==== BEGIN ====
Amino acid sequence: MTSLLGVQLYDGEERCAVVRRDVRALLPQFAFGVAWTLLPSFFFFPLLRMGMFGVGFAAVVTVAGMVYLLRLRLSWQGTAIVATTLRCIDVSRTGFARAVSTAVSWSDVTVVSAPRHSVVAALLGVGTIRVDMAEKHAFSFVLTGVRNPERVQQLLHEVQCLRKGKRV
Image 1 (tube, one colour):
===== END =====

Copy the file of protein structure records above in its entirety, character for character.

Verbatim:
Amino acid sequence: MTSLLGVQLYDGEERCAVVRRDVRALLPQFAFGVAWTLLPSFFFFPLLRMGMFGVGFAAVVTVAGMVYLLRLRLSWQGTAIVATTLRCIDVSRTGFARAVSTAVSWSDVTVVSAPRHSVVAALLGVGTIRVDMAEKHAFSFVLTGVRNPERVQQLLHEVQCLRKGKRV
Image 1 (tube, one colour):